Iida is the name of a family that lived in the area at the time Tokugawa Ieyasu set up his new capital in Edo. Ieyasu appointed a certain 飯田喜兵衛 Iida Kihei to the position of village headman, and the area soon came to be known as 飯田町 Iidamachi Iida Town. The bridge over Edo Castle’s outer moat was named 飯田橋 Iidabashi Iida Bridge. If you want to go into detail about the etymology of this area, please see my article here.
The station gives you access, though not directly, to 小石川後楽園 Koishikawa Kōrakuen, the stunning gardens of the 水戸徳川家 Mito Tokugawa-ke lords of Mito Domain. The palace of the lords of Mito included this garden, but also included present day 東京ドーム Tōkyō Dōmu Tōkyō Dome, which is located next to the garden.
If you make the walk to the garden and to Tōkyō Dome, I suggest walking a little farther to 水道橋 Suidōbashi where the shōgunate used to have an elevated aqueduct – one of the greatest engineering marvels of Pre-Modern Japan. And while you’re at it, just walk a little further to the 東京都水道歴史館 Tōkyō-to Suidō Rekishikan Tōkyō Water Works Museum. The museum teaches you all about wells, aqueducts, and sewer systems from the Edo Period to present day. It may sound boring, but trust me. It’s one of the coolest Japanese history museums I’ve ever been to.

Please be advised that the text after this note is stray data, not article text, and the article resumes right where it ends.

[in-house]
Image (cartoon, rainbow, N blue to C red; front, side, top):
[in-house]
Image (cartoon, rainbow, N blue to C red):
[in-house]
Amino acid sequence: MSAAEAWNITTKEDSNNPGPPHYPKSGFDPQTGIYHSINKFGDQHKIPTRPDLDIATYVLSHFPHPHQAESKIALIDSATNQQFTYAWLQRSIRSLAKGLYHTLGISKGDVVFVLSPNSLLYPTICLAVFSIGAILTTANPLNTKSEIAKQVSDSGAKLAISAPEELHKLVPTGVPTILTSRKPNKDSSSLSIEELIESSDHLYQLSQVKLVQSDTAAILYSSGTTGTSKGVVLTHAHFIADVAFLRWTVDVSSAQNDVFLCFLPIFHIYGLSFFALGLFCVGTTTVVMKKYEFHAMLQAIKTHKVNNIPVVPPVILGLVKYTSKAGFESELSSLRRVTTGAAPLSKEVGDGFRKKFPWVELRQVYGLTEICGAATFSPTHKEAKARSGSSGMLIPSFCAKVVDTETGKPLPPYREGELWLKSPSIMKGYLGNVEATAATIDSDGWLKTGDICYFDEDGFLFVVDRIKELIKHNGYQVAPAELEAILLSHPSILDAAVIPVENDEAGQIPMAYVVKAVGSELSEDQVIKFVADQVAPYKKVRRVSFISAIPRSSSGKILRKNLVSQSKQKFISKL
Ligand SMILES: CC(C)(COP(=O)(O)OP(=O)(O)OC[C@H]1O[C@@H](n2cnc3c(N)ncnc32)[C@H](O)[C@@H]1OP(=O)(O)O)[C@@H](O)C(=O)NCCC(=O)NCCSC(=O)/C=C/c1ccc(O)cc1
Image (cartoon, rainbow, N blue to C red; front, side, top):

They don’t have an English website, but this webpage may help. If you’re a fan of this blog, I’m pretty sure you’ll love the museum.
Oh, also, Iidabashi station is probably one of the best access points for Kagurazaka.
By the way if you compare this picture with the top picture, they are both taken from the 東京理科大学 Tōkyō Rika Daigaku Tōkyō University of Science which was founded in 1881. The western style house in the top picture was was the 逓信総合博物館 Teishin Sōgō-Hakubutsukan Museum of Communications, which is now located in Ōtemachi.